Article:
Anchorage Daily News editorial: Hey, you know who's been a pretty darned effective governor?

One of the more effusive back-handed compliments I’ve ever read, from a paper that’s well aware of her political faults. They’re not calling her a lightweight exactly, but it’s clear they think her interest in the nuts and bolts of policy is, let us say, insufficiently nuanced.

Which makes their conclusion that she’d be a dynamite VP all the more surprising.

Gov. Palin is not the kind of leader who gets bogged down in minutia and works 100-hours a week. Instead, she uses her charisma and a simple, clear vision to mobilize mass support for her agenda, then leaves the details and heavy lifting to others…

As governor, she has focused almost exclusively on a handful of high-priority issues — ethics, oil tax reform and state incentives for building a natural gas pipeline. And she has had dramatic success. With Gov. Palin leading the way, the Legislature passed strong legislation on all three fronts. On two of those issues, she had to take on Alaska’s previously all-powerful oil industry. Twice she easily defeated them…

One big surprise about Palin’s term as governor: She has been thoroughly bipartisan. Her most reliable supporters on her big three accomplishments have been Democrats. The partisan side that Palin showed in her acceptance speech Thursday is something Alaskans haven’t seen in her time as governor.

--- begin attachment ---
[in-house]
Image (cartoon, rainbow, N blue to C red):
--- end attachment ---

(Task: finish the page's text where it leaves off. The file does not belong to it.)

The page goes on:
Earlier this year, Palin told a cable news interviewer that somebody is going to have to tell her “what it is exactly that the VP does.” In some ways, the vice president’s job is a perfect fit for her. She wouldn’t have to run the country. She could focus on a handful of high-profile issues, inspire people with her passion and star power, and try to accomplish a few great things.

It’s a perfect fit, that is, so long as she doesn’t actually have to step in for McCain. The left will seize on this and the detail about her “fearless sense of righteousness” to compare her to Bush, but read it yourself and see if it doesn’t call to mind a different “lightweight” Republican president. If she wins — and no matter what Gallup says, given the electoral vote projections, that’s still a mighty shaky if — then Palinmania could be a huge asset in galvanizing popular support for McCain’s energy policy. Maverick’s mama didn’t raise no dummy.

Exit question: Who’ll be feeling more pressure during the ABC interview later this week, Palin or Charlie Gibson? If you thought the left was hard on him and Stephanopoulos for having the stones to ask Obama about William Ayers, wait and see what he gets if she comes through with flying colors.